dc.description.abstract<table><tr><td colspan="2" class="item-title">IV INSERTION SIMULATION TECHNOLOGY STUDY</td></tr><tr class="item-sponsor"><td class="label">Conference Sponsor:</td><td class="value">Western Institute of Nursing</td></tr><tr class="item-year"><td class="label">Conference Year:</td><td class="value">2010</td></tr><tr class="item-author"><td class="label">Author:</td><td class="value">Reinhardt, Anita C., PhD, RN</td></tr><tr class="item-institute"><td class="label">P.I. Institution Name:</td><td class="value">New Mexico State University</td></tr><tr class="item-author-title"><td class="label">Title:</td><td class="value">Assistant Professor</td></tr><tr class="item-address"><td class="label">Contact Address:</td><td class="value">PO Box 30001, MSC 3185, Las Cruces, NM, 88003-8001, USA</td></tr><tr class="item-email"><td class="label">Email:</td><td class="value">acrein@nmsu.edu</td></tr><tr class="item-co-authors"><td class="label">Co-Authors:</td><td class="value">Iris Mullins; Connie DeBlieck; Pamela Schultz</td></tr><tr><td colspan="2" class="item-abstract">PURPOSES/AIMS: <br/>The purpose of this study is to determine if computer based high-fidelity technology enables a student to access veins more efficaciously in the clinical setting than the current use of latex arm simulation technology. <br/>RATIONALE/CONCEPTUAL BASIS/BACKGROUND: Nursing programs are all experiencing the challenge of finding suitable sites for their students' clinical experiences. Simulation experiences have emerged as a way to assist and augment clinical experiences. Of the skills taught in nursing school, the insertion of an IV catheter is one of the most challenging. While patients are concerned with pain, students generally worry about success in accessing a vein. The confidence required for successful skill performance has significant impact on a student's perception of clinical success. Current simulation uses latex mannequin arms with obvious veins. These arms are thick 'skinned' and do not adequately reflect a true patient experience. Newer simulation technology offers another option. With use of a computer based monitor and a 'blind' sensitive skin area, the student can experience a realistic insertion practice. Preliminary reports from the manufacturer tout the effectiveness of this tool and portend the eventual success of students that have used the teaching aid. <br/>METHODS: An experimental design using 94 students in a BSN nursing program was performed. Students voluntarily consented to participate and signed the consent form. Students were randomly assigned to either the experimental or control group. All completed a demographic questionnaire. One instructor gave identical lectures and demonstrations on IV insertion technique. The control group used the latex arm only for demonstration and practice and the experimental group used both the Laredal computer based IV insertion equipment and the latex arm for demonstration and practice. A skills check-off list designed for this study (a=0.9) was used to assess key behaviors required for IV insertion using a rubric. After completing the training, demonstration, and practice, the students completed a survey to assess their level of confidence (a=0.9) in IV catheter insertion skill. During their clinical experience, the students who attempted to insert an IV catheter under the supervision of their clinical instructor self-reported to the researcher their success on their first and/or second attempt. <br/>RESULTS: The sample was 84% female, with mean age 27. Neither the skills assessment scores nor the confidence level scores varied significantly (p= 0.8 on both measures). Interestingly, there was no correlation between the skills score and the confidence level score (r=0.165). Using univariant analyses, the skill score was not different by the simulation method used (p=0.7). Similarly, no difference was seen for confidence score and simulation method. Lastly, there was no correlation between high-fidelity simulation success percentage rate and skill score or confidence score. IV insertion success in clinical sites is (will be submitted by 12-15-09).<br/>IMPLICATIONS: While high-fidelity simulation has assisted in many areas of student practice and education, it does not appear to assist students significantly in the skill of IV insertion either in skill ability or confidence. <br/></td></tr></table>en_GB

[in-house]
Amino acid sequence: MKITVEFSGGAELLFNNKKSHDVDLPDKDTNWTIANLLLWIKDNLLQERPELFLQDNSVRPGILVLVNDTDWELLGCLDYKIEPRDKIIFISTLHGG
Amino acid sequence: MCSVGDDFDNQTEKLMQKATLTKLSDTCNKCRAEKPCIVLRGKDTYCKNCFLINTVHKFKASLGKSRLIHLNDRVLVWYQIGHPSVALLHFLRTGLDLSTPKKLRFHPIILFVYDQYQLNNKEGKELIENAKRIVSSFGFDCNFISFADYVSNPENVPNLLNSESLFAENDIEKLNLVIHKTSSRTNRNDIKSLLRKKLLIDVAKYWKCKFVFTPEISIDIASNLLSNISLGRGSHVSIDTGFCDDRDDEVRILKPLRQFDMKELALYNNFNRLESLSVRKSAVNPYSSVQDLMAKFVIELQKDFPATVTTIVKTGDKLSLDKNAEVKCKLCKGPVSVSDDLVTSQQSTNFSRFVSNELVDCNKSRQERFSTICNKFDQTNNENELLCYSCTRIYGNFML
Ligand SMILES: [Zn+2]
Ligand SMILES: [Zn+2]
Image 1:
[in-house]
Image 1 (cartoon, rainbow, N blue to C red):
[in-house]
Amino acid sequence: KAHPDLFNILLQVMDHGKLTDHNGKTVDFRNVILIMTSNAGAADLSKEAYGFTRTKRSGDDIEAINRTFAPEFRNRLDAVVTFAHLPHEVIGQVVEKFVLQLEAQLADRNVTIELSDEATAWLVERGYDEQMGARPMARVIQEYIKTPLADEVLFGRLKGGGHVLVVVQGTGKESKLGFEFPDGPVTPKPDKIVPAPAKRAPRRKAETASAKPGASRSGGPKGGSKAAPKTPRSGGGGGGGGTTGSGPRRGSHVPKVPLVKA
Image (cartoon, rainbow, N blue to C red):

dc.date.available2011-10-26T19:46:48Z-
dc.date.issued2011-10-17en_GB
dc.date.accessioned2011-10-26T19:46:48Z-
dc.description.sponsorshipWestern Institute of Nursingen_GB